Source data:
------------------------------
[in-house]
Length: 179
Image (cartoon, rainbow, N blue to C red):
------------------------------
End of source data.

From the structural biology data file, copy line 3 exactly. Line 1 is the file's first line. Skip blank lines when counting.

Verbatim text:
Image (cartoon, rainbow, N blue to C red):